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Michael Gracie

Finance quote of the month – February ’09

Jeff Matthews:

In fact, at yesterday’s close of slightly north of $2.50 a share, you could give up your morning Starbucks latte and instead buy a share of Citigroup stock, with enough change left over to buy a share of Fannie Mae, if you really wanted to speculate.

Rich, and almost makes you feel the same. Particularly if you don’t care for Starbucks coffee.

Links for the Lazy – 1/15/09

Mixed bag

    Technology

  • Google starts axing services, but Google Reader is safe for now. There might be something to all that attention data value, but it isn’t going to benefit you anyway. I’d be looking for a substitute reader (preferably desktop) just in case.
  • New Yahoo! CEO Carol Bartz on the [first] dotcom bubble“I’d go to investor conferences—with standing room only at presentations by Used-Fucking-Golfballs.com—and I’d get four shareholders listening to me.” I love it.
  • XRDS-Simple at home – I’ve added Will Norris & Company’s WordPress plug-in to the previous OpenID install. Now I do my OpenID logins here instead of at a third party. As expected, works nicely.
  • Finance

  • Ready to play The Bailout Game? Personally, no. Like Hasbro with Scrabble, Parker Brothers will probably sue the makers for the likeness to Monopoly, and when that doesn’t work out they’ll join the RIAA in suing the players.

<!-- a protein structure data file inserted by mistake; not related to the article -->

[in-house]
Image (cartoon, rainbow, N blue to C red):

• TED spread shrinks, so the TARP is working – Greg Mankiw concludes as such, although Citigroup and B of A equity investors might want to hold on doubling down right now.
  • Do you know what the multiplier for government spending means for you? You might want to brush up, as with the amount of public cash being dumped into failing institutions to compensate for idiocy, Zimbabwe-style currency destruction could be in your future.
  • Fly Fishing

  • Cuba Releases Hemingway Archives – Fishing Jones has more.
  • Strike indicators find love – Call it a bobber if you like, but I always laugh when high-profile guides talk about how they always see the fish eat the nymph. While using indicators.
  • Winter sucks – But the Frying Pan makes it more than tolerable.

Adieu.

Wells wins Wachovia – Citigroup Whines (UPDATED)

Citigroup thought it had Wachovia in the bag – a couple of billion and an FDIC backstop seemed quite the rosy deal. Now Wells Fargo has come along and offered $15 billion, without discernible government assistance.

What does Citigroup do about this? Whine like sissies while hiding behind their lawyers.

Citi is a member of the private club in the burbs, and they just got walloped by the scratch player that hangs around the municipal course. It’s not apparent whether Citi had a breakup fee in the deal, but if they didn’t they should fire their lawyers.

If they proceed to court, everyone should ask themselves why Citi couldn’t do something without government guarantees. And whether they want their tax money backing Citi’s thinly veiled turnaround plan.

UPDATE: WFC gets to accelerate use of Wachovia losses. Take it for what it’s worth: on one hand, this means the deal still ostensibly uses government money – on the other hand, it means Wells Fargo expects to have some earnings.

UPDATE 2: Whining works for now – Citi Granted Emergency Injunctive Relief Extending Exclusivity Agreement between Citi and Wachovia.

Citigroup to shed $500B in assets

Some might say “ouch” over a 23% reduction in size. But shedding non-core and/or underperforming assets is part of Turnaround 101. I wouldn’t be surprised if CEO Vikram Pandit’s plan works.

Shrinking isn’t necessarily bad.

UPDATE: Forbes – “The bank’s new chief begins the slow, painful job of undoing his predecessor’s work.”

No pain, no gain?

Moody’s Says Citigroup SIV Debt Ratings Under Threat

Much more of this to come, whether teachers get paid or not.